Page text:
These letters are full of interesting insights into Hemingway, Fitzgerald, and their relationship with each other. We can’t go into all of the detail in such a short post, but we’d like to share a few highlights from this letter from Ernest Hemingway to Scott Fitzgerald:
Forget your personal tragedy. We are all bitched from the start and you especially have to hurt like hell before you can write seriously. But when you get the damned hurt use it—don’t cheat with it. Be as faithful to it as a scientist—but don’t think anything is of any importance because it happens to you or anyone belonging to you.
For Christ sake write and don’t worry about what the boys will say nor whether it will be a masterpiece nor what. I write one page of masterpiece to ninety one pages of shit.
You are twice as good now as you were at the time you think you were so marvellous. You know I never thought so much of Gatsby at the time. You can write twice as well now as you ever could. All you need to do is write truly and not care about what the fate of it is.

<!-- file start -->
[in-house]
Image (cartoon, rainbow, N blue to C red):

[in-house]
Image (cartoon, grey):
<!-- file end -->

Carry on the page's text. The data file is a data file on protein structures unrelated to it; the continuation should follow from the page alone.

As evidenced in the same Hemingway letter above, another cause of discord in Hemingway and Fitzgerald’s friendship was Fitzgerald’s wife Zelda. Zelda hated Hemingway, who in turn accused Zelda of distracting Scott from his writing. Hemingway described Zelda to Scott as “someone who is jealous of your work, wants to compete with you and ruins you.”
In a later letter in 1950, Hemingway was even more critical of Zelda and her influence on Scott:
I think Scott in his strange mixed-up Irish catholic monogamy wrote for Zelda and when he lost all hope in her and she destroyed his confidence in himself he was through.
These letters, many of which have survived and been compiled into volumes, shed light on the complex friendship that Hemingway and Fitzgerald shared.
Both men at various times in their lives, usually due to financial strain, wrote stories and sold them to popular magazines. Both were fairly ambivalent about this type of work, but Fitzgerald especially felt that it cheapened their work to the point of “whoring” themselves out. In a letter to Hemingway, he describes a popular magazine Hearst’s like so:
You were wise not to tie up with Hearst’s. They are absolute bitches who feed on contracts like cultures, if I may coin a new simile.
Because Hemingway reached critical acclaim and financial success during his lifetime, he did not have to sell his short stories for very long.